I'm easily confused. Therefore I should confuse everybody else. It doesn't help that I don't have the full thread before me.
My understanding is that someone wants to know terms for the Xcode build and execution contexts; but that can't be because well-defined terms are already there. Possibly what's wanted is to unpack the jargon. I'll offer what I know, in the hope it's relevant.
Schemes, build settings, and build configurations are different things. There's a potential confusion in the names, so some care is needed.
Build settings are options that configure the tools used in the build process. Each setting may be conditioned on platform, OS version, build configuration, etc. They may be set per-target or left to the last in a stack of defaults. They are held in the project file itself.
Build configurations are external files to inject a layer of build defaults. The canonical use is to provide a uniform build practice for a developer or organization. They reside in external files and are catalogued in the project file.
Schemes set the runtime environment for one target x platform configuration. The environment is set per-action (the verbs in the Product menu or the popup anchored at what people think of as the Run button). This includes the configuration to be injected into the settings.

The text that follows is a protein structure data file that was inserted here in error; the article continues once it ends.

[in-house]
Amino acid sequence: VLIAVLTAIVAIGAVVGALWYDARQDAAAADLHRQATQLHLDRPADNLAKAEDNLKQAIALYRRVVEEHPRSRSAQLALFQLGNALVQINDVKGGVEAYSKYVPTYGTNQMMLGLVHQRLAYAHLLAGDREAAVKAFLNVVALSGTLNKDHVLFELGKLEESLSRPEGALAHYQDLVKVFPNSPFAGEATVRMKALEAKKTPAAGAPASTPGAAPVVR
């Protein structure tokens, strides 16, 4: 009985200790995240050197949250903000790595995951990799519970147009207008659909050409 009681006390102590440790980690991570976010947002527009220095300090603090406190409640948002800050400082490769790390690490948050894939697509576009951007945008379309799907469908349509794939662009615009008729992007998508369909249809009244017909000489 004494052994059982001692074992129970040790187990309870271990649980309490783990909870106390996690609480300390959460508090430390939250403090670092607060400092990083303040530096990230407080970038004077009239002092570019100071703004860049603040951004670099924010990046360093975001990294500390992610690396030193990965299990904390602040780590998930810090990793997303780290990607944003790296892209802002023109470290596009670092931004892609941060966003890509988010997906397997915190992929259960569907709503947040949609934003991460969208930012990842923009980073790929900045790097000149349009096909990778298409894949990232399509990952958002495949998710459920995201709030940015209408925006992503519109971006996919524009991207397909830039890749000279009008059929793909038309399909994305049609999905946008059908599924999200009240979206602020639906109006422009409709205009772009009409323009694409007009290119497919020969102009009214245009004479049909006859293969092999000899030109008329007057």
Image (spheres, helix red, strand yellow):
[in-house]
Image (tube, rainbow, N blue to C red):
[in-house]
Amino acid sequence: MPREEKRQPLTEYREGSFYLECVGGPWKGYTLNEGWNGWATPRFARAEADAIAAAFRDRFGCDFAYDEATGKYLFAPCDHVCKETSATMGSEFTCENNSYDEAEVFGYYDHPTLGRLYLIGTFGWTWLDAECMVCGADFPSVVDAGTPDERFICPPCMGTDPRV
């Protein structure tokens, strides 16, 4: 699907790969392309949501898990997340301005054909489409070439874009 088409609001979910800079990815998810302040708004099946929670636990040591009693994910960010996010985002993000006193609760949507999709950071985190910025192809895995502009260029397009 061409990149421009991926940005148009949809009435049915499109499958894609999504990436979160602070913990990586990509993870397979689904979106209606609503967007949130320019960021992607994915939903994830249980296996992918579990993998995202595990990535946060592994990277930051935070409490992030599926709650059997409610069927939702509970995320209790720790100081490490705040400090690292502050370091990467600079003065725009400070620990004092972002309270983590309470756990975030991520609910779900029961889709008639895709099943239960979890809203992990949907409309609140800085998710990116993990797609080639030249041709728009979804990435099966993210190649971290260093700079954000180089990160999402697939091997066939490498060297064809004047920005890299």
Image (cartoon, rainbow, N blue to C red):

The Build tab sets non-default dependencies. (Example, though defaulted: Test depends mot just on the selected product target but the corresponding test targets.)
With one exception I can think of, schemes have no effect on the deliverable product. Schemes set only the environment into which Xcode itself launches a target. The exception is that you can set the build configuration for the archived product.
affect targets only the runtime environment only when the ptoduct is launched by Xcode.
Schemes are kept in a directory tree in the project bundle, but are particular to (in short) one developer unless explicitly marked Shsred.
If you need to talk about these together, I'd go with "Xcode build and execution context," or reasonable subsets. I think all four nouns are necessary.